Note: This is a guest post by freelance writer Uma Campbell.
Whether you’re a student with final exams and midterms coming up, or someone who is simply experiencing the natural effects of aging (as much as we’re loathe to admit it, it happens), we all wish we had a better memory. Some believe that a good memory is something born with, but we can all have a good memory; it’s a case of mind over matter. Here are five tips (in no particular order) that are sure to help you stay sharp:
- Create routines for yourself. Always losing your glasses? Make a space where you’ll be sure to remember them—a glasses stand or a simple bowl can be a great option. Or, if you have trouble remembering to floss, make it a rule to floss every time you shower, and you will be more likely to remember. Simple but effective!
- Focus is an important element in memory. These days with excess stimuli constantly coming from our iPads, smartphones, etc., it can be difficult to truly focus. Take some time to unplug; turn off all of your electronic media, and you’ll find that it helps your ability to remember. For example, if you have an important test coming up, make sure to give yourself the peace and quiet to do so.
- Be creative; expand your brain. Sound difficult? It’s not: just by simply taking the time to write down your memories, you drastically improve your recall ability. Some people even find it helpful to keep a memory journal—a book kept handy for birthdays, to-do lists, phone numbers, ideas and more. It has been shown that the simple exercise of writing something down helps your brain retain the information. And if you’re not one for writing? Even repeating something aloud to yourself can help you remember it — you will find that repetition is a key factor in an effective memory.
- Brain exercises can also be helpful. Activities like reading, crossword puzzles, playing music—even watching trivia shows like Jeopardy can help keep your mind sharp and active. Studies have shown that activities like crosswords can slow the effects of dementia. It has also been shown that new activities—be it a class in a discipline you’re not familiar with, or world travel—will improve your ability to recall memories.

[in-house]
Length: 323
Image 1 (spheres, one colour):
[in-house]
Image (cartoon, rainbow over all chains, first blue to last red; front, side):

- In addition to exercising your mind, actual physical exercise can also help improve your memory. Did you know that dancing, particularly ballroom dancing, is especially good for your memory? According to a 2003 study, it has been shown to help reduce the risk of Alzheimer’s disease. So, in addition to acting as some light cardio to keep your body in tip-top condition, it can also help to keep your mind on point. If you’re not looking for any strenuous activity, even meditating has been proven to improve your memory. A University of Washington study found that meditating improved your memory by enabling you to concentrate more, remember more details and stay in an overall better mood.
So there you have it: with just a few simple tweaks to your routine, you’ll greatly improve your memory. You might even have a good time while you’re at it: take up ballroom dance, complete the Sunday crossword while watching Who Wants to be a Millionaire, go to string quartet practice, and start writing in a journal—who said improving your memory had to be a chore? To us, it sounds quite fun.
Uma Campbell is a freelance writer from Southern California. She loves learning about natural ways to combat the effects of aging, To view more of her writing, you can visit the Soothing Walls website.